I’m currently knitting one more sample at a slightly tighter gauge, but the pattern is done and tech edited already. It just needs final measurements from the second sample; I’m almost done with the second half of it. This is a really quick knit in Aran weight Kestrel from Quince & Co.

Camping was lovely, too. We were at Lost Lake in the Mt. Hood National Forest to celebrate a friend’s birthday.

We had a little help with the cake!

If a tree falls in a forest…

These clouds!

It was great to get away for a few days. No cell service, but my iPhone camera was handy!

And my feet were toasty warm in my Concentric Bed Socks.

I don’t have any big vacation plans this summer, just little jaunts close to home. But that’s not a bad thing. I was over in Sisters a few weeks ago for another friend’s birthday. That trip included karaoke, an incredible hailstorm, and a sailboat’s maiden voyage.

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Oh, hail.

A post shared by Michele Lee Bernstein (@pdxknitterati) on

Here’s to good times with good friends! And linen. Definitely linen.

What are you up to this summer?

Crafty Moms Weekend 16.0 (2019)

One more time! We had a spectacularly beautiful weekend on the Oregon Coast. Great weather, beautiful sunsets, camaraderie and crafts. I’ll put the scenic photos at the end. Yarn and other craftiness first!

Brioche and Bellini breakfast

I brought three knitting projects, but I only worked on one of them. I spent a day trying different ways to reverse the colors on the new section, and I’m finally happy with how it’s working out. It was a technical challenge.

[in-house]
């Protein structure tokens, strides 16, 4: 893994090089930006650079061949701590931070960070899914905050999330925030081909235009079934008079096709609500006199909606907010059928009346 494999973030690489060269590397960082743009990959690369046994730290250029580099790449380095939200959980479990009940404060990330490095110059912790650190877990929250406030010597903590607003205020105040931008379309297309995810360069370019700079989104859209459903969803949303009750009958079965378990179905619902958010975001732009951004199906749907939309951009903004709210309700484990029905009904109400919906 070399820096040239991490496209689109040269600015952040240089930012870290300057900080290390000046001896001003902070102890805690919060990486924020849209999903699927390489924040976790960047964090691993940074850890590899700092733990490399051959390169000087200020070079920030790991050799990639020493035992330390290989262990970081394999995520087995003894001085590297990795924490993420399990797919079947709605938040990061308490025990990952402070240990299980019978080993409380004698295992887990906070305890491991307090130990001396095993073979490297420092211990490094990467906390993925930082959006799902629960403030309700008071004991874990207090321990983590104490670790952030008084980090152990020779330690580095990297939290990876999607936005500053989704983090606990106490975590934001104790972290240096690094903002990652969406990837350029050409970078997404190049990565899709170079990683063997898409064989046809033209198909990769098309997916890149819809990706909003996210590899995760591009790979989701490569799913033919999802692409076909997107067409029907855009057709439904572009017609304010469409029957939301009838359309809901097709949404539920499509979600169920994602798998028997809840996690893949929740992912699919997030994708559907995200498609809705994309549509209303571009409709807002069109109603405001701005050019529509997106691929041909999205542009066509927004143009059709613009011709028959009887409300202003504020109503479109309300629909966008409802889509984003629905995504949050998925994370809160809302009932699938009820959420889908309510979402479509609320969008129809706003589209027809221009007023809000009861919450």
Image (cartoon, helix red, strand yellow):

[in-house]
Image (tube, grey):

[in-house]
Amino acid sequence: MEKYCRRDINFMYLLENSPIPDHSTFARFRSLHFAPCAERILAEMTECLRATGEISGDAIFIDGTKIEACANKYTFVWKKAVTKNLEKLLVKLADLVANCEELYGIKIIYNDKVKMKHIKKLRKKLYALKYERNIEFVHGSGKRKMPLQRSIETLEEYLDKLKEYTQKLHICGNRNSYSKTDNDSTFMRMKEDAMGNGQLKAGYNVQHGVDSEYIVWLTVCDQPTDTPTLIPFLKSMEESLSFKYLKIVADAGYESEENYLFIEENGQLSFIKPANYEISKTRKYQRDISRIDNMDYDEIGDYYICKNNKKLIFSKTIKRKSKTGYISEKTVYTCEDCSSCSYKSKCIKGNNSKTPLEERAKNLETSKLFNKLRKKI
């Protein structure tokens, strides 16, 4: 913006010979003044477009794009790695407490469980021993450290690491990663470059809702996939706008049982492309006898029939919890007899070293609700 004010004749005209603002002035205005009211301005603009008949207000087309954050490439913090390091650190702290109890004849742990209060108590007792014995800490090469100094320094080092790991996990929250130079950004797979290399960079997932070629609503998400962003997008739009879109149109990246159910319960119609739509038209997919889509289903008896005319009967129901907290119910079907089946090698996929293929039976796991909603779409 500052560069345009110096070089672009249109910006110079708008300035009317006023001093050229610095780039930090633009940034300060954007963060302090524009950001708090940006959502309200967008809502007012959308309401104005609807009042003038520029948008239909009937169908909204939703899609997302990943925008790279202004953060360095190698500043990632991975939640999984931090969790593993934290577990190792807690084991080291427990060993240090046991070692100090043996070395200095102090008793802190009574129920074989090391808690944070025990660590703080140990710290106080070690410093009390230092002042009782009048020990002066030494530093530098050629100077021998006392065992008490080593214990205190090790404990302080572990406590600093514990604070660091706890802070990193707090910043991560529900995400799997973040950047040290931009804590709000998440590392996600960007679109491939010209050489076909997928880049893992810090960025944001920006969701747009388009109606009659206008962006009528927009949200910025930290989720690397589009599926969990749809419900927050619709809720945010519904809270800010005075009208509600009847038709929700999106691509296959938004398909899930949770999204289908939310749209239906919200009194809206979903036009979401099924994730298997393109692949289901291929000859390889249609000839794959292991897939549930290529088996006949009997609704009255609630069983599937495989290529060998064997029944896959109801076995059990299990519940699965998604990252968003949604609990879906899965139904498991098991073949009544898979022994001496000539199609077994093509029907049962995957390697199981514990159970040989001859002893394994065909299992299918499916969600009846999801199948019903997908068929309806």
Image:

Now it’s just a matter of finishing it! I may have to set it aside for a bit; another project has a deadline and needs to get underway.

Laurie was crocheting unicorns. So cute!

Sharyn brought supplies for block printing on tea towels. I brought some of my previous blocks, and carved a new flower block. I purchased these bags last year in Sisters during the Lantern Moon retreat, but hadn’t gotten around to printing them yet. Done!

This is pretty easy, and lots of fun. I see more of this in my future!

This was our 16th year at Rockaway Beach. The house looks right over the water so it’s perfect for any weather. But this year it was sunny all weekend.

Twin Rocks

This cloud bisects the sun

This one does, too

We stayed Friday afternoon through Monday morning. It would have been hard to go home on such a gorgeous day, so I didn’t! I had a free night expiring soon at Tolovana Inn in Cannon Beach, so Carole and I headed north for an overnight there. It was so warm that I bought a sundress and walked barefoot on the beach.

Haystack Rock at Cannon Beach

The afternoon low tide was perfect for tide pooling.